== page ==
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Posted by GG Goblin On May - 10 - 2010

fpzlgropxe lhwwdcy !!!

I find it interesting how all of the different video game consoles seem to perform different functions. You have the PS3 with its superior graphical capabilities, the Xbox 360 has pretty much perfected its online presence and the Wii offers family fun, perfect for when the relatives are visiting, or after a night down the pub. The DS has really mastered mobile gaming, with something for everyone, and even the troubled PSP has something to offer, with its multimedia capabilities and the great range of Minis becoming available.

Then we come to the iPhone. No one can deny that it has become a viable gaming platform now, the sheer number of games available is astounding. But, as with the other platforms, the iPhone seems to be excelling in one particular area. Quick-hit, simple, casual games seem to be where the iPhone is doing especially well, at least for now.


And here we have Cryptose, the latest game from Insurgent Games, the Indie game studio that brought us the internet culture filled Teh Internets – When Memes Attack and the retro platformer, Aeropack.

Well, true to form for Insurgent Games, Cryptose is nothing like any of their former games. What you get here is something far simpler than anything that has come before, and seemingly far more serious.

Cryptose is a cryptogram game. Players are given a cryptogram puzzle to solve. Like working through a Sudoku puzzle or a cryptic crossword, cryptograms are designed to give the player a decent brain work out. Presented with a phrase in which all of the letters have been changed according to a random substitution cypher, players must try to work out what the phrase says by replacing letters and looking for patterns.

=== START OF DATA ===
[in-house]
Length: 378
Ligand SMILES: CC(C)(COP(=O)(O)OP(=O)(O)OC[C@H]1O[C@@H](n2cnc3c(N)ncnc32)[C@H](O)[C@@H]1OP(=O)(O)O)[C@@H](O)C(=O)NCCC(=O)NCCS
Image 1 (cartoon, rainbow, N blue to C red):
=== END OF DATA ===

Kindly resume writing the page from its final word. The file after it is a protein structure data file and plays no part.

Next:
Word games are fairly easy to come across on the iPhone and Cryptose is certainly one of the best. The layout is very simple as the player is presented with just the phrase and the alphabet through which to work. There are three themes that alter the way the screens look; Hacker, Detective and Spy. With thousands of phrases to decrypt, owners of Cryptose will certainly be kept busy for a long time to come.

The game really is that simple. With the exception of the themes offering different coloured backgrounds and different text styles, there really is not much else to look at. But there doesn’t need to be.

There are, however, a couple of little things that I found lessened what could have been a perfect Cryptogram experience. Firstly, the availability of hints is unlimited, making it far too easy to get some help. Secondly, the phrases are so obscure that, more often than not, the player has to get to the last couple of letters before they can work out the phrase. I would have preferred some phrases that I could recognise half way through, thus providing that “eureka” moment.


But, for a simple word puzzle game, Cryptose offers a nicely polished package and, most importantly, a challenge. Whilst not to everyone’s taste, those wanting to excercise their grey matter will find that this game ticks all of the boxes.



Cryptose is available on the App Store, here, for just £1.19

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